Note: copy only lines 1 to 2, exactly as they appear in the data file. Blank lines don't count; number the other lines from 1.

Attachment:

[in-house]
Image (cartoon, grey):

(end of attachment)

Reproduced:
[in-house]
Image (cartoon, grey):